Pubs and restaurants could cut opening hours to survive ‘perfect storm’ this year

Businesses considering cutting capacity by up to 20 per cent, hospitality chief warns

Sukhmani Sethi
Tuesday 03 January 2023 13:04 GMT
Chains secure the doors of a closed pub in London
Chains secure the doors of a closed pub in London (PA Archive)

Pubs and restaurants are being forced to consider reducing opening hours to weather a “perfect storm” of soaring bills and cash-strapped customers cutting their spending this year.

The hospitality sector is expected to continue struggling after facing a barrage of challenges in 2022 including soaring energy bills, staff shortages and rising inflation. And rail strikes during peak periods have reportedly already cost the industry at least £1.5bn in December.

UKHospitality chief executive Kate Nicholls said: “Hospitality businesses are facing an ever-growing list of challenges, whether that is soaring energy costs, continued staffing challenges, dampening consumer confidence, or the ongoing impact of rail strikes.

“All of these together create a winter challenge like no other, where a third of our members felt their survival was at risk.

Ms Nicolls said that concerned businesses were already facing a quieter time of year and some are mulling cutting capacity by 20 per cent in order to survive the perfect storm of challenges.

Pubs and restaurants could opt to cut their capacity by 20% amid soaring costs
Pubs and restaurants could opt to cut their capacity by 20% amid soaring costs (Getty)

“Businesses are doing all they can to stay afloat and for some, that means taking hard decisions to reduce trading hours, close more often, or even completely shut for the winter. This isn’t good for business or consumers, but many have no choice,” she said.

“The government’s energy support scheme had been a lifeline for many hospitality businesses whose bills would have gone up more than threefold had it not been in place.

“It’s vital that this support is extended, with particular consideration for vulnerable sectors like hospitality, and that the government also tackles long-term, structural issues like business rates reform, which it committed to doing in its manifesto.”

“The fear is that people will tighten their belts quite considerably. That’s when the cost of living will bite. And you’ll see customers not going out as frequently,” she added toThe Guardian.

Ms Nicholls said that the first quarter would be “tough” for pubs and restaurants this year as one in four customers indicated that they would be tightening their belts by limiting how much they frequent pubs and restaurants this year, according to an industry survey.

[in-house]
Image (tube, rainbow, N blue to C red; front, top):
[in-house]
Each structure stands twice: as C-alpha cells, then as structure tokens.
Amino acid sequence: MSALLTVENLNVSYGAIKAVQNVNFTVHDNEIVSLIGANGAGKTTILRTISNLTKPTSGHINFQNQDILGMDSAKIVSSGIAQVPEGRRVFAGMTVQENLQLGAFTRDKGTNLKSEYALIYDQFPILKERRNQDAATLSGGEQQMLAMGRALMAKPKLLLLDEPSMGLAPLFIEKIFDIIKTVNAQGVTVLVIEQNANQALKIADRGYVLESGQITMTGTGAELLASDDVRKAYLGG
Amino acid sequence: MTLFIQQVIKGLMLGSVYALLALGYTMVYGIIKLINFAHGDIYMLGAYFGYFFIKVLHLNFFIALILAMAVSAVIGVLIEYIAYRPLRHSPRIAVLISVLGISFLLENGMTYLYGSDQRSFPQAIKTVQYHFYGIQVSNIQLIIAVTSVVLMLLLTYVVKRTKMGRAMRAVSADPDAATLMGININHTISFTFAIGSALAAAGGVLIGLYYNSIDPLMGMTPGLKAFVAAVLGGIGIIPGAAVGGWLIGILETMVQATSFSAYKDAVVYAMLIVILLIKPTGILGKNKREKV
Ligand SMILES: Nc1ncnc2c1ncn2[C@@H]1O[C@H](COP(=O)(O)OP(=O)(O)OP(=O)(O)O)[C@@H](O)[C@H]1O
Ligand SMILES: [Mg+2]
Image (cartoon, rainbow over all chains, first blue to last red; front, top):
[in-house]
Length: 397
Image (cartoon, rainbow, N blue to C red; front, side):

She added: “What we’re hearing is that around half of our members are restricting their opening hours, their capacity, the days of the weeks that they are opening, driven primarily by staff shortages being exacerbated by energy and the need to make sure that they can be as profitable as they possibly can.

“We’re hearing lots of people talking about curbing their capacity by about 20 per cent, just simply to be able to match supply and demand.

“And we have seen in rural and tourist locations, quite a few businesses going dark over the winter months as they used to do in old-fashioned tourism times, seasonality, again, just to try to conserve cash and then reopen when the trade comes back.”

Crucially, the government’s delayed announcement for further support for businesses in paying their energy bills was not made before Christmas, which Ms Nicholls said made planning “difficult”.

This support, Ms Nicholls said, could “could be the difference between surviving and not for so many businesses. So we need that to come as early as practically possible”.

Reports that the government intends to halve financial support on energy bills when the current business aid scheme ends in March could bring further pressures, as withdrawal of support would coincide with the financial year-end and the March rent quarter.

Chancellor Jeremy Hunt will extend the support programme by 12 months, but will end the scheme amid concerns about the unpredictable cost of gas and oil prices which could also hurt the taxpayer, the Times reported.

However, Ms Nicholls said that “we’ve got some cautious green shoots of optimism at the moment”.

She said that the government appeared to have “stabilised the ship”, and that it is possible that inflation and interest rates have already peaked.

“I think if we get to the new year and the signs start to be positive around the economy, we know that there is a lot of demand.”

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